U.K. stocks rose for the first time in seven days, snapping the longest stretch of losses since November 2011, as data showed house prices surged to a record and U.S. industrial production rose more than forecast.
Persimmon Plc led developers, rallying 3.7 percent. Vodafone Group Plc climbed 1.7 percent after the world’s second-biggest wireless carrier agreed to buy Spanish cable operator Grupo Corporativo Ono SA. Tesco Plc declined 1.3 percent after Bank of America Corp. recommended selling the U.K.’s largest retailer’s shares.
The FTSE 100 Index added 40.46 points, or 0.6 percent, to 6,568.35 at the close of trading in London. The benchmark gauge declined 2.8 percent last week, the biggest slump since June, as concern grew that a potential partition of Ukraine will intensify tensions between the U.S. and Russia. The broader FTSE All-Share Index gained 0.7 percent today, while Ireland’s ISEQ Index rose 1.1 percent.
“The U.K. recovery relies heavily on real-estate investments,” said Witold Bahrke, who helps oversee $55 billion as a senior strategist at PFA Asset Management in Copenhagen. “So any renewed flow into equities will naturally favor this sector. The calm and relief mode we’re seeing today may be rather short-lived though, as the geopolitical risks are far from cleared.”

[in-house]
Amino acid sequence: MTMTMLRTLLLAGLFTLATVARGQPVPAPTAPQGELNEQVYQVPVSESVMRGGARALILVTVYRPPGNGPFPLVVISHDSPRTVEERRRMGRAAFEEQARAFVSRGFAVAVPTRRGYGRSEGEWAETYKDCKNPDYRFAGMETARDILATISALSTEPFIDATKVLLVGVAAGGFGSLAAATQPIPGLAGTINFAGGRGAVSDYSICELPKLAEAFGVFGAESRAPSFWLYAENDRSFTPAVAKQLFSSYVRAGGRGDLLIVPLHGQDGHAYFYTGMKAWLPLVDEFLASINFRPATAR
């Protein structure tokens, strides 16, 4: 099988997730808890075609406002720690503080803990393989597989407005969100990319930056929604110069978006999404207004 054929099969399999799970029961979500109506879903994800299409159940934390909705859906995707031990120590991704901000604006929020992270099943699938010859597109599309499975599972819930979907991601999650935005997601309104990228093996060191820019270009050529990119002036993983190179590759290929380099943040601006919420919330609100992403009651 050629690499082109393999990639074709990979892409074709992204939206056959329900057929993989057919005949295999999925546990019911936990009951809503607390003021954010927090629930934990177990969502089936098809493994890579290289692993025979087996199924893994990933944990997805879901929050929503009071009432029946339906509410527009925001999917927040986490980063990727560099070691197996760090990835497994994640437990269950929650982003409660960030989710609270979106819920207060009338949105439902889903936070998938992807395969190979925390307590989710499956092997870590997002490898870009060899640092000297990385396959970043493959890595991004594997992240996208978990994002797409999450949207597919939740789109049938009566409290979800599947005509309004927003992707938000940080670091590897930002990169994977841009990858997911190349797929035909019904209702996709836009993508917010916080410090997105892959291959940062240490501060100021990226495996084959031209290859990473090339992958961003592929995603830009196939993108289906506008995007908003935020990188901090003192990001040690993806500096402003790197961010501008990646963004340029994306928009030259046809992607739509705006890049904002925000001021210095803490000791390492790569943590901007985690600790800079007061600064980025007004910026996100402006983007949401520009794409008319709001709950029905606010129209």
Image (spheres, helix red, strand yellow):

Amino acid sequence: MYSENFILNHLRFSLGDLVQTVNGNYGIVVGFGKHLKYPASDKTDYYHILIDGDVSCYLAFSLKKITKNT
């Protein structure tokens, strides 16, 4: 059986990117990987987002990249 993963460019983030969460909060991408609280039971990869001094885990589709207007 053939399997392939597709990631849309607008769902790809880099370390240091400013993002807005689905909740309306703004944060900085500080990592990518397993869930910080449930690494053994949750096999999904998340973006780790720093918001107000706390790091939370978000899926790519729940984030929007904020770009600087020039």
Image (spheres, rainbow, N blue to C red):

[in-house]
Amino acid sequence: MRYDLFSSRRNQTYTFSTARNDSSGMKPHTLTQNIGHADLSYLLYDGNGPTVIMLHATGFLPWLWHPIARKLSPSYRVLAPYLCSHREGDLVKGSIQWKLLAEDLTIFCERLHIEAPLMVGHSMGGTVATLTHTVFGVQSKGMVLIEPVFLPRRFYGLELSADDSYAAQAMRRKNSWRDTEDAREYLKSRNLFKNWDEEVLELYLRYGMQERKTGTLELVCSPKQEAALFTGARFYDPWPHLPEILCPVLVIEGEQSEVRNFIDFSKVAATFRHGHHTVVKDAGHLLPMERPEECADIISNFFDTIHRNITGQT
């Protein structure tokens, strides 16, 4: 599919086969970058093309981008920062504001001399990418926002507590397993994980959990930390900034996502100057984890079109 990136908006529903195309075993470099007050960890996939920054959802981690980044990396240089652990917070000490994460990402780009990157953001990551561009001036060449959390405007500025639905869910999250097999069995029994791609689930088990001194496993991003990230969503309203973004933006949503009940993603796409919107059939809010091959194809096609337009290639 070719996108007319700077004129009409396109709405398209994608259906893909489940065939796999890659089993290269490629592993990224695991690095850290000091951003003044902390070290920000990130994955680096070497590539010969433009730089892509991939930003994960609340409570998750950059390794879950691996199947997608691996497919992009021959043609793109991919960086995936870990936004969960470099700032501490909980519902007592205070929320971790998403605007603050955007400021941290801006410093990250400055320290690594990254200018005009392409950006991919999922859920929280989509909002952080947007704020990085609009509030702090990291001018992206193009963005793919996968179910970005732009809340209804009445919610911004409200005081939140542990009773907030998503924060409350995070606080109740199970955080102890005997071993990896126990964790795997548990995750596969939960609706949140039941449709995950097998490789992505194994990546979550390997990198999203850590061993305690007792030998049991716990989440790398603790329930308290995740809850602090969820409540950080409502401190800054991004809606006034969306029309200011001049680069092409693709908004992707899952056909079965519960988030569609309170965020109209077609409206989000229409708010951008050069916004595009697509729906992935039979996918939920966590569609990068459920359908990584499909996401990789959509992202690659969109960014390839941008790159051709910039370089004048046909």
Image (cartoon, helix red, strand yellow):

In the U.S., a report showed that industrial production increased 0.6 percent in February, following a drop of 0.2 percent the previous month. That beat the 0.2 percent gain economists had forecast in a Bloomberg News survey.
Shares of builders rose as a Rightmove Plc report showed asking prices for homes in London surged to a record in March. Prices in the British capital climbed 2.1 percent from February to 552,530 pounds ($920,000), taking the annual appreciation to more than 11 percent, the data showed. Nationally, values rose 1.6 percent to 255,962 pounds, also an all-time high.
Persimmon advanced 3.7 percent to 1,361 pence. Bovis Homes Group Plc gained 4.7 percent to 895 pence. Taylor Wimpey Plc added 2.1 percent to 118.2 pence. Chancellor of the Exchequer George Osborne said yesterday he will extend a government mortgage-assistance plan called Help to Buy to 2020.
Vodafone rose 1.7 percent to 226 pence. The purchase of Ono gives Vodafone 1.9 million customers in Spain. The deal will generate savings of about 2 billion euros and potential revenue addition of 1 billion euros, the company said.
Anglo American Plc gained 2.7 percent to 1,461.5 pence and Glencore Xstrata Plc increased 3.2 percent to 306.6 pence.
Tesco lost 1.3 percent to 299.7 pence. Bank of America cut the stock to underperform, or sell, from neutral. saying the company’s profit margin might fall because of an upcoming price war. Bank of America cited a statement from Wm Morrison Supermarkets Plc that it will invest 1 billion pounds in cutting prices.
The volume of shares changing hands in FTSE 100-listed companies was 16 percent lower than the average of the last 30 days, according to data compiled by Bloomberg.